Many people say that all sausages are made with casing, and it’s not a sausage if you aren’t stuffing ground meat into a casing.
Well I’m here to tell you that this isn’t necessarily true, and I’ll show you how skinless sausages are made.
Skinless sausage (sausage without casing) can be made by hand, and I also have a pretty neat trick to show you that will help you get the perfect log shape that is so characteristic of sausage. Read on to learn more.
Does All Sausage Have Casing? What Are Skinless Sausages?
The point of view that sausage is defined by its casing stems from the whole purpose of casing, which is really only used for making sausage. Sausage casing is what holds the raw meat together to make the elongated, log shape that makes sausage unique (compared to burgers, for example).
You don’t need casing to make fresh sausage, but casing is usually used to make cured sausage.
When it comes to sausage casings, some are edible while others are not. Inedible sausage casing is either removed by the manufacturer before packaging (which is often done with hot dogs) or by the consumer before eating (which is often done with salami, bologna, pepperoni, etc.).
Casing is very frequently used to make sausage, and there are certain types of sausage that aren’t eaten with the casing on.
Furthermore, sausage isn’t always made with casing, and sausage with the casing removed is often called skinless sausage.
Read also: Sausage Casing Alternatives
How Are Skinless Sausages Made?
The general steps of grinding meat and adding fat, liquid, and salt/seasoning are the same as with making homemade sausage with casings. The difference is in how the sausages get shaped. There’s no stuffing involved with skinless sausage.
Skinless sausages can be shaped and rolled by hand, as if you were making elongated meatballs.
They may not turn out perfectly cylindrical but you can get close enough to create the distinct log shape of sausage without needing sausage casing.
The best way to cook skinless sausage is on the pan, so you can get a nice caramelized flavor. You lose the caramelization when you bake sausage, so I don’t recommend that method of cooking, though it is possible with skinless sausage.
This method of making skinless sausage by hand is commonly used in Eastern Europe (called mititei in Romania or cevapi in Serbia).
In the Middle East, India, and neighboring countries, kebabs (shish kebab or seekh kebab) are a very popular dish that you could argue are skinless sausages. Kebabs are ground meat shaped by hand on a skewer and then rotated over hot charcoals to cook. You can also cook them in a pan on the stove or bake them in the oven.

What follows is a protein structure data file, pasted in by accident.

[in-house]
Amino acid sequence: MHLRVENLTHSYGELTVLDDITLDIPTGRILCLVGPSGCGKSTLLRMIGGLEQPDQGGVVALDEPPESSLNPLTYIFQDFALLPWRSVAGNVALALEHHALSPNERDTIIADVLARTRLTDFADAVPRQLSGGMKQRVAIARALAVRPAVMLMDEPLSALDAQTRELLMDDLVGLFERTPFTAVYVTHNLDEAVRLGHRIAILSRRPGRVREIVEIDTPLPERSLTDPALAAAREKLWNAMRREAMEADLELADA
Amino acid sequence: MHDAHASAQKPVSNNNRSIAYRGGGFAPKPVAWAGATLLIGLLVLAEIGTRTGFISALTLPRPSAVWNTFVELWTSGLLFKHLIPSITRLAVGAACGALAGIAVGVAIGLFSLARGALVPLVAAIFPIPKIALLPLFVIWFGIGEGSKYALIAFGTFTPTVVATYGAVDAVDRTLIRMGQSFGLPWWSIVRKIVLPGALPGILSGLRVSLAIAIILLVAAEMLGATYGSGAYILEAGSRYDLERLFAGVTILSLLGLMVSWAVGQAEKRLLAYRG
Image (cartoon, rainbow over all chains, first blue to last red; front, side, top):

Using Food Storage Bags or Parchment Paper
To make skinless sausage and give them the desired log shape, there’s a very creative method you can use that involves a food storage bag (like a sandwich bag) that’s cut on the sides so it lies flat in one layer or you can cut a square of parchment paper.
Once you have the sandwich bag or parchment paper lying flat, place a ball of sausage meat in the center, fold the top half of the bag or paper over the ball of meat so the meat is in the fold. Using a ruler, push the meat against the fold of the bag, which will create the log shape of sausage.
Letting the sausage freeze like this, with the food storage bag or parchment paper wrapped around it, helps to hold the shape of the sausage when you remove the wrapping. It also helps the sausage to keep its shape for cooking.
To cook, like handmade skinless sausage, cooking in a pan on the stove is best.
Check out the below video to better see how to use this method:
Skinless sausages are definitely a possibility if you want to opt out on sausage casings next time you’re making sausage at home.
You can make them pretty easily by hand, and there is a pretty nifty trick you can use to get the log shape of sausage without needing a casing. Definitely gives these a try!